COVID-19: Important Information and General Advice

Disclaimer: The details here may change according to new information made available.

Where can I find out more about the number of new cases and active cases and deaths?

Click to view larger image

The above image is from https://covid19info.live/
You can also find more statistics at https://www.worldometers.info/coronavirus/

What are the symptoms of coronavirus?

The common features of the coronavirus is a fever and a dry cough, but the absence of such features does not mean you do not have the symptoms.

Some patients may get stomach upsets or diarrhoea and this may raise suspicion of more severe disease.

The incubation period is suggested to be less than 14 days (anywhere from 3-10 days) for more than 90% of individuals but there have been cases that do not fit the above timeline and not everybody is similar. There have been cases of spread from individuals occuring even after the 14 day quaratine period.

Are we able to detect 100% of cases?

It is impossible to detect 100% of cases as there are many factors in place that can prevent this such as the honesty of travellers, compliance failure with the LOA, nature of the disease (spread through asymptomatics), availability of testing, etc.

It is not possible to test the virus at the GP or family clinics at the moment. Some clinics have become PHPC clinics to deal with the situation. This can be found in the link below.

https://www.flugowhere.gov.sg/

What are PHPC Clinics?

PHPC stands for Public Health Preparedness Clinics. These clinics will provide subsidies for Singapore Citizens and Permanent Residents diagnosed with respiratory illnesses (e.g. common cold).

Doctors have contingencies in these clinics to suit their day-to-day workflow to manage such patients.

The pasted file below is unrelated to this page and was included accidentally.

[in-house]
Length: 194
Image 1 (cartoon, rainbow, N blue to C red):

If I have a cough or flu, what would the PHPC do?

The doctor will first assess if you have any signs of pneumonia or fit into the criteria of suspected cases (definitions change accordingly). If you have pneumonia, you will need to be sent to the hospital. If you fit into the criteria of suspected cases and do not have pneumonia, you would be sent to NCID for testing.

The number of days of MC provided is based on the clinical judgement of the doctor. If you are given 5 days MC, it would be best to stick to it. Please contact your doctor if you would wish to shorten or extend your sick leave.

Why do we need to stay at home if we have the common flu?

While it is true that having the common flu does not warrant quaratine, it is impossible to know if you are shedding the coronavirus as not all individuals with the coronavirus develop severe symptoms or pneumonia.

Staying at home reduces the possibility of spread.

Is it not possible to test for the flu at the PHPC clinics? I have read about test kits being made available at the clinics.

There are two methods to test for the coronavirus.

  1. PCR

    This method is the most accurate method to test for the coronavirus and is available at hospitals and at NCID. However the test cannot test for those who have recovered from the infection. This is a good test to determine if active disease is still present.
  2. Antibody Tests

    This method of testing can be made widely available very quickly even in most GP and family medicine clinics. However, there are concerns about the false positive and false negative rates and how it would affect public health should these be made widely available. As COVID-19 is new and we do not have much information on it, releasing a test with a limited degree of reliability can do more damage than good. This may very well replace the test above in the future. At the time of writing, FDA has just approved this test a few hours ago.

Who are more vunerable to the disease?

Older people and those with long term chronic disease do less well with any kind of lung infection.

Children however don’t seem to get sick more often in this case. It is important to note however that the coronavirus can also infect young adults and the symptoms can also be severe.

Once you become infected with the virus, can you get it again?

There have been case reports of re-infection but the quality of these studies aren’t the best. Current studies on macaques seem to development of immunity and low risk of re-infection.

If the Coronavirus spreads widely and it is no longer possible to contain, can we all go out and party?